The Commission has urged the European community to accelerate its implementation of EU 5G security guidelines, singling out Germany for special criticism over government inaction

Back in 2019, following the US banning Huawei 5G network equipment from its domestic networks, 5G network security rapidly become a political hot potato, with the Trump administation pushing the international community to implement bans of their own. Some countries, such UK, quickly followed suit in 2020, but others were more reticent to ban the Chinese vendor outright, preferring instead to bolster their individual security measures.

This led the European Commission to publish a 5G Security Toolbox in early 2020, with EU member states agreeing to implement a raft of security recommendations to mitigate the risk of so-called ‘high-risk’ vendors. This included technical security measures to identify vulnerable equipment, as well as policy suggestions around foreign direct investment, to shield critical national networks from falling under foreign influence.

By the end of 2020, periodical reports suggested that most member states were “well on track of implementing the recommended measures”, with the Commission suggesting that they should be complete implantation of the various measures by the second quarter of 2021.

Now, however, almost three years later, EU Commissioner Margrethe Vestager has chastised the broader EU community for failing to implement these security measures quickly enough.

“We are urging member states who have not yet imposed restrictions on high-risk suppliers to do that without delay, as a matter of urgency,” said Vestager. “A number of countries have passed legislation but they have not put it into effect […] Making it work is even better.”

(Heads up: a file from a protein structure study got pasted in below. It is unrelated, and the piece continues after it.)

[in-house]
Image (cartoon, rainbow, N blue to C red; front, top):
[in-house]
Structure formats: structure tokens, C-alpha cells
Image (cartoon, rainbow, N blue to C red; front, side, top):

One country notably singled out for individual criticism was Germany, with Vestager saying that the country had not done enough to tackle security concerns related to the 5G supply chain.

“It is not only Germany, but it is also Germany,” she said.

Historically, Vodafone Deutschland and Deutsche Telekom have been heavily reliant on Huawei for their mobile network equipment. This fact saw the country at the centre of the geopolitical tussle over Huawei in 2020, with the US government urging Berlin to ban the vendor, and the national telcos urging for restraint.

In the end, Germany declined to ban the Chinese vendor outright, but has introduced various additional security measures, including a new law last year allowing the government to intervene on mobile operators’ supply contracts where untrusted vendors were involved.

To date, however, these special powers have seen little usage.

Is the government doing enough to mitigate the threat of high-risk vendors in Germany? Find out from the experts at this year’s live Connected Germany event

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